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Zimbabwe doctors strike for decent pay

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File photo of medical equipment REUTERS/Regis Duvignau

Zimbabwean public sector doctors went on strike on Tuesday, calling for a 401 percent increase of their salaries that they want pegged to the US dollar after all the problems with the new Zimbabwean currency.


"We met with the government representatives yesterday and they promised to expedite other allowances for health personnel but so far it has just been empty promises," Zimbabwe Hospital Doctors Association (ZHDA) chief Peter Magombeyi told Reuters newswire.

The government had proposed a big hike in pay for doctors and other public sector workers in an effort to prevent the strikes that could bring the country to a standstill.

The police banned protests in major cities by the opposition in conjunction with the doctor strike and used tear gas and water cannons to disperse those who defied the edict.

"They have taken us for granted for too long, but we are ready to go back to work as soon as they offer us something tangible, which has not been forthcoming so far," said Magombeyi.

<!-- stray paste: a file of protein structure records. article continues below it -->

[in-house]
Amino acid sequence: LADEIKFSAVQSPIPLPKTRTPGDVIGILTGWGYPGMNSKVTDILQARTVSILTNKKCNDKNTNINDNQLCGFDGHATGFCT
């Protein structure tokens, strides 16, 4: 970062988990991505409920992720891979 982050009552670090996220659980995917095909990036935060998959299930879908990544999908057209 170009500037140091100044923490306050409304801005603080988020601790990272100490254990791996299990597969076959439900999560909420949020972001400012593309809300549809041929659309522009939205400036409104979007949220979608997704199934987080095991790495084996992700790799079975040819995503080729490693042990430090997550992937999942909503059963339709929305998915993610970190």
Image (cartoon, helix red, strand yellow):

Junior doctors make about US$100 in Zimbabwean currency a month. And salaries on the Zimbabwean dollar are worth 10 percent less because of such high inflation.

"We don't have money for transport, we don't have money for food, we don't have money to pay our kids schools fees, we don't have rental and we can't keep on subsidising the employer anymore," Magombeyi told Agence France Press newswire.

The doctors had originally accepted a 60 percent pay increase but they said that this was not enough to prevent a strike.

The government Health Services Board said in a statement on Monday it was surprised doctors were going on strike when they were assured of a pay raise.

Economic crisis affecting all aspects of Zimbabwean life

Zimbabwe again has triple-digit inflation, which affects the doctors, public sector workers, and it affects those who provide services such as private buses and taxis for these people to get to work.

Average Zimbabweans are struggling with a cash shortage, a bread shortage, little fuel, rolling power cuts, and lack of medicines.

And there are no doctors or nurses currently in the hospitals, but there are also no medical supplies, either.

The average Zimbabwean is cared for in a state hospital while the wealthy can afford to be treated overseas, such as former president Robert Mugabe.

This is the second time in less than 12 months doctors have gone on strike. They called off the strike in December after 40 days when the government promised to deal with all the issues they put on the table.

President Emmerson Mnangagwa had promised to bolster the economy after he won a disputed election in July, but mounting strikes and riots indicate otherwise.